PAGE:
Before 2008, Nancy Keaton — elected this month as the first ever female president of the Centralia Rifle Club & Junior Division — had never fired a gun, and didn’t care to.
“My husband had been a member for years and years and he brought me down here in about 2008. I was quiet the whole way down because I was praying he’d forget his code to get in because I was so afraid,” she said.
He didn’t forget the code.
That first day, Keaton shot a .22 caliber bolt action rifle, and loved it. Later, the couple went out so she could try a shotgun. Again, she said she was terrified, but again, she had “a hoot.”
Since then, Keaton moved on to shooting competitively and is active in both the Centralia club and in the A Girl and A Gun group.
“That’s where I really realized how much it changed my life,” she said, remembering learning to shoot a handgun in the dark with a flashlight with A Girl and A Gun. “I thought, I am so far out of my comfort zone. Then I thought, if I can do this even though I’m terrified, I can get on a stupid plane, because I couldn’t travel I was so afraid of flying. Now I fly all the time.”
Keaton, 60, has worked at Centralia College for 34 years, and is currently the college’s Director of Family Development.
She plans to bring her experience in education to her leadership role in the club, expanding programs, education and trying to attract more participants.
Good education on guns, she said, could help other people conquer their unease about guns, just as she did.
“For one thing, I think any time you don’t know about something you’re afraid of it. Of course growing up I heard, ‘women shouldn’t have guns, they’ll just get taken away and used against them,’” she said. “Everything comes down to education.”
The Centralia Rifle Club was chartered by the NRA in 1928, but likely started closer to the end of World War 1, when soldiers came home with guns they wanted to continue to use. In its 90-plus year history, Keaton is the first woman to lead the group.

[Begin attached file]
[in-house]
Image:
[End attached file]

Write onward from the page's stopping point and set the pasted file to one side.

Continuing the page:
While she’s still learning about all of the president’s duties, she already has goals, including creating more programs to encourage participation in group activities.
“I want it to be a hub of education, of teaching more people about gun safety,” she said.
She also wants to increase self-defense classes at the club, including self-defense not including guns.
The club will also continue to be a space for friendly competition. Through her membership, Keaton became involved in competitions with the International Defensive Pistol Association, and said the Centralia club now offers competitions through Active Shooting International. Keaton also participated in three-gun competitions — in which a shooter moves between stages using a pistol, rifle and shotgun — though an injury has recently stopped her from doing that particular sport.
“That sport has really grown over the years,” she said. “There’s a lot of women who do that across the country.”
Keaton is also working to start a Washington chapter of the DC Project, which is focused on getting female gun owners to testify to lawmakers, showing another side of responsible gun ownership.
Asked what her husband thinks of her total conversion from terror at the thought of shooting a gun to being elected leader of a rifle club, Keaton said he’s happy to know she can back him up.
As to husbands in general, she said, “The rule is, you don’t get to get her hooked on shooting, then complain she’s using all your ammo.”